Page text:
“Petitions would come, but he should carefully look at those petitions, consider them and treat them with high sense of responsibility. That is the only way he can fight corruption in the judiciary. With his own experience from the lower courts to the Supreme Court, he can tell the body language of his judges in the way they handle matters. He must be calm and circumspect because corrupt practices affect the integrity of the judiciary. So, he should not rush to take hasty decisions in matters that concern corruption, but such matters should be properly investigated. He should spare no one; I mean the judges that are found to be corrupt. He should not hide them or cover them, but expose them in such a way that others would learn from it,” he counseled.
Ajuyah also advised him to be involved more in judicial activism to expand our laws. “He has done very well as a Justice of the Supreme Court in the cases he has covered, particularly in political cases to stabilise this country. Everybody looks up to him to hold the sword and the scale to dispense justice to all manner of persons without fear or favour. Though he has been doing so, he should not relent with the enormous responsibility on his shoulder. It is not the way you drink water you drink pepper soup! Now, in his new position, he is a different person. So, he has to do things with caution and listen to all in taking decisions. I pray that he dances with the sword and put it down safely in this period we are in because it is a taboo to let the sword fall on the ground,” he warned.
Senior Advocate of Nigeria and Partner, Jireh and Graeys Attorneys, Norrison Quakers, also expressed his confidence in Onnoghen as a man that has the capacity to move the sector forward.
“I listened to him during his response to questions from the National Assembly and he depicts a man with experience and who knows the problem of the judiciary,” he said. He called on the CJN to ensure that the constitutional provision on the number of judges for the Supreme Court Judges is adhered to, so that the backlog of appeals will be cleared.
Quakers also called on the CJN to ensure that there is discipline in the National Judicial Council (NJC) and that appointment is done based on merit and discipline. He also advised that the judiciary must ensure constitutional guarantee of impartiality.
Similarly, Dr. Paul Ananaba (SAN) said Onnoghen must take as priority, the need to change the use of ‘long hand’ in writing of judgment and court proceedings by judges and ensure it is replaced with new technology. “The practice of judges using long hand in writing judgment and proceedings must be a thing of the past, if we want to tackle lingering cases and dispensation of justice,” he stated.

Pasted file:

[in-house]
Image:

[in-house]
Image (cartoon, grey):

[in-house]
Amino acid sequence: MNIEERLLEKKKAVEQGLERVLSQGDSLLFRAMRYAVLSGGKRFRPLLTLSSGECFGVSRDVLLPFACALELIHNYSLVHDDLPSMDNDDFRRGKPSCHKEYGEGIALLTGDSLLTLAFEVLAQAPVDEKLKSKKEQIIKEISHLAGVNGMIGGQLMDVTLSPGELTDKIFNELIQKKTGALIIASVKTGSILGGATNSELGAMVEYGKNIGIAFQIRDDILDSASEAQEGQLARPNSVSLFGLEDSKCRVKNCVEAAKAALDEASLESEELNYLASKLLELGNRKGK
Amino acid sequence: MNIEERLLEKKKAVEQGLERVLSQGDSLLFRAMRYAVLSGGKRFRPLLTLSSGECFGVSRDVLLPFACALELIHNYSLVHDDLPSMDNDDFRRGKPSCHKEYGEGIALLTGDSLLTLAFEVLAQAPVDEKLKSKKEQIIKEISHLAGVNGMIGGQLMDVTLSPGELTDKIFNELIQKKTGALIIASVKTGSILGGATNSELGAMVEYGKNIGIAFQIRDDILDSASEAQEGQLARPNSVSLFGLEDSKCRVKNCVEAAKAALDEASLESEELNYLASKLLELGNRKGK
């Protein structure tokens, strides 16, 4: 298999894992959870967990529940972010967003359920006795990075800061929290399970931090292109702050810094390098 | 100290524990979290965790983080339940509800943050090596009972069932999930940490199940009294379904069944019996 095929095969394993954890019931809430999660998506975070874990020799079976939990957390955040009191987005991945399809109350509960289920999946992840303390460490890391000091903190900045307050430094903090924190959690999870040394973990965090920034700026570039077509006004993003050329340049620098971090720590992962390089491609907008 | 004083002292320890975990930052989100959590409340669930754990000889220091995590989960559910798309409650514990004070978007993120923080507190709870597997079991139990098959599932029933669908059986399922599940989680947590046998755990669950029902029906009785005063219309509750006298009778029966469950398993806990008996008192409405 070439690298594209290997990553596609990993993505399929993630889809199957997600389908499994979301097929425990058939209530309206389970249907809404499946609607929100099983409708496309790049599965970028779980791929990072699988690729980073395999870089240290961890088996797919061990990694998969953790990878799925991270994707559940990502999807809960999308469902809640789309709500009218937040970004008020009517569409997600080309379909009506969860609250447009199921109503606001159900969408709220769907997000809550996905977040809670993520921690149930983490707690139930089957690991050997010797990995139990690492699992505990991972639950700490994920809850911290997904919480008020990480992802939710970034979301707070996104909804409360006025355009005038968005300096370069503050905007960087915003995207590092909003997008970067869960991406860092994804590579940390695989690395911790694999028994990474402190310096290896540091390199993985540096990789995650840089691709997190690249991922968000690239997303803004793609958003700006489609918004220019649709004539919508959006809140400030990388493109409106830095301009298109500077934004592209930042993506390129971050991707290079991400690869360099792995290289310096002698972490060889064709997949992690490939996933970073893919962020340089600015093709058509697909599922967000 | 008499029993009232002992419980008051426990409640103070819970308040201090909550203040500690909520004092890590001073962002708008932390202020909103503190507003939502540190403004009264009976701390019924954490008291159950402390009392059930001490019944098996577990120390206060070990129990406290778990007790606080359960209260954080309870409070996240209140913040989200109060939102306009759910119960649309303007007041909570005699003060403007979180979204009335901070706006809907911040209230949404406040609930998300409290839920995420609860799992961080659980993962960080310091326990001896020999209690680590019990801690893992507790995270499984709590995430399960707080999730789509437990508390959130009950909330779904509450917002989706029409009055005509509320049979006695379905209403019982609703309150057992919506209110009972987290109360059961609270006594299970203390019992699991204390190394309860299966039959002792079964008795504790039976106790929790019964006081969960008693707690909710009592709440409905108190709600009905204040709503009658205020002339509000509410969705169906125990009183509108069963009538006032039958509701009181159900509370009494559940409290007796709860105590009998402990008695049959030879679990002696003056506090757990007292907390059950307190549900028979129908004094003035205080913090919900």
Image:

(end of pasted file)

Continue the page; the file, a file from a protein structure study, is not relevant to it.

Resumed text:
Ananaba stated further that though, the new CJN is a ‘progressive man’ and the fact that he is coming at a time the sector is facing many issues to contend with and among them is the issue of corruption. He said: “I therefore, urged him to ensure that the fight against corruption in Nigeria is successful. And not only that, he must ensure judiciary is free of all forms of corrupt practices.”
And to accomplish this, he urged him to also “reconsider the welfare of judges,” saying by so doing, the level of corruption in the sector will be a thing of the past. He also urge the CJN to ensure that appointment of judges is based on competence and merit, so that the quality of judgment can improve than what is obtainable now.
Another lawyer and director Institute of Trade, Finance Management and Practice in Nigeria, Paul Omoijiade called on the CJN to address the issue of dispensation of justice in the courts. His words: “Honestly, the issue of dispensation of justice is very important for the CJN to take as priority and this will rid the sector of corruption”.
He also added that the CJN should revisit the welfare of judges, as well as, members of the bar, otherwise the fight against corruption in the judiciary will be defeated.
For Abiodun Dabiri, the problem of the judiciary started with the annual award of SAN title to members of the profession. “The award of SAN is responsible for the delay in cases in most of our courts and this also is affecting the fight against corruption. There is no acceleration of cases again despite the enactment of Administration of Criminal Justice Acts (ACJA),” he noted. He therefore called on the CJN to consider the cancelation of the senior advocate award as a priority.
A partner with Simmons Cooper Partners, Babatunde Irukera, said of all the challenging issues facing the sector, delay in dispensation of justice is what is very important. He therefore urged the CJN to take it as priority. “One thing that is very pertinent is reforming the court procedure, such that there will be no interlocutory injunctions that hamper quick dispensation of justice,” he declared. He urged the new CJN to instill transparency and discipline in the judiciary.